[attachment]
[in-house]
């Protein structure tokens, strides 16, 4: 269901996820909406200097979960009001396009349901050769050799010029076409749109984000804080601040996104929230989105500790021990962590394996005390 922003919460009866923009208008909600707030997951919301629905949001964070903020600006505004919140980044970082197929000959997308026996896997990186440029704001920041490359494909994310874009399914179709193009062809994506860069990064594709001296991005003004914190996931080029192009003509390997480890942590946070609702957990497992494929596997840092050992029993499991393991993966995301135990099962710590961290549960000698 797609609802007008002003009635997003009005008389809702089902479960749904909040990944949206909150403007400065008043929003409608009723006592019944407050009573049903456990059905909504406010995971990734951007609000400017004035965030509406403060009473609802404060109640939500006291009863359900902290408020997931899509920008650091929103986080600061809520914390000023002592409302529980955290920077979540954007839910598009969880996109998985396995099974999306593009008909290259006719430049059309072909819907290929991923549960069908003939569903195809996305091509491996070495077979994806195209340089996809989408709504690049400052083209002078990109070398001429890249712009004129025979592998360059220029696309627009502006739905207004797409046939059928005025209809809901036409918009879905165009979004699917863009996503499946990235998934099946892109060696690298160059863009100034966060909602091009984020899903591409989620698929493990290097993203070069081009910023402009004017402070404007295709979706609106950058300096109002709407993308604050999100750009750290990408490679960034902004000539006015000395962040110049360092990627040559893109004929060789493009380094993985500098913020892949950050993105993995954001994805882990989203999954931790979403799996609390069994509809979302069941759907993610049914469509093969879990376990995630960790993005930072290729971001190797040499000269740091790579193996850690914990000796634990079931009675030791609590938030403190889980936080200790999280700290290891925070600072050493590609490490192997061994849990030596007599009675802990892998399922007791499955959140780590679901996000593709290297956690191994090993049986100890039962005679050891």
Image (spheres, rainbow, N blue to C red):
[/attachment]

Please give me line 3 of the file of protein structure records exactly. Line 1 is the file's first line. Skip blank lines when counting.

Image (spheres, rainbow, N blue to C red):